We are not talking about direct gas supplies from Russia to Ukraine. "We excluded direct deliveries from the agreements. You will see this in the protocol. If there will potentially be any, they will be implemented only on the basis of the European hub," Orzhel said, noting that the protocol simply laid down the principles on which such deliveries could be made.

The minister says the parties discussed the likelihood of an increase in gas transmission tariffs. "The tariff should grow. That is, there will be a slight increase in the tariff for transmission. The corresponding tariff increase, based on volumes and guided by European tariff setting methodologies, will be determined by [our] regulator," said Orzhel.

In addition, he did not rule out the possibility that by the end of the year, subject to the agreements reached during the negotiations, Naftogaz would receive about $2.9 billion in monetary compensation from the Russian Gazprom in line with the Stockholm arbitration award.

"The package option assumes that there will be a settlement agreement, according to which Gazprom will pay the actual amount of three billion dollars (including interest and penalties) accrued by the Stockholm arbitration award," Naftogaz Executive Director Yuriy Vitrenko said, adding that during the week the parties will work constructively to resolve the issue of the final signing of agreements before the end of this year.

According to him, the fact that the agreements will be concluded in full accordance with European principles "guarantees fairness of these agreements, transparency of these agreements." The official suggests this is both a fair decision for Ukraine and the opportunity to ensure "reliable gas transit via Ukraine to European consumers."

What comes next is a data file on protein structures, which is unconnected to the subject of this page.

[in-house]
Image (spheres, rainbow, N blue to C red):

Another important aspect is that in case of the signing of a transit contract, Naftogaz agrees to withdraw a new lawsuit against Russian Gazprom in the Stockholm arbitration worth $12 billion. The existing arbitration proceedings between Naftogaz and Gazprom shall be settled.

Naftogaz Executive Director Yuriy Vitrenko / Photo from UNIAN

"If we are talking about claims in the new arbitration, in the package with the extension of transit, the suggested option is a complete settlement of all claims from all sides. This means that there will be no open claims on either side after the package decision is introduced," Vitrenko said.

According to the protocol, Ukraine will also drop its demand to recover UAH 172 billion from the Russian gas monopoly in accordance with the decisions of the Antimonopoly Committee and the Commercial Court of Kyiv, which were adopted in 2016.

At the same time, according to Vitrenko, $5 billion claims against Russia over the seizure of Naftogaz assets in Crimea remain in place, since they are not part of the agreements.

Naftogaz vs Gazprom: who wins the squabble?

Director of the Institute for Socio-Economic Transformation, Ilya Neskhodovsky, considers the protocol of the future transit agreement to be quite positive for Ukraine, and the signing of the agreement before year-end – quite realistic.

"Indeed, Ukraine sought a contract for ten years, receiving only five. I think this is the only concession on the part of our country. Concessions on other positions are minimal," he said.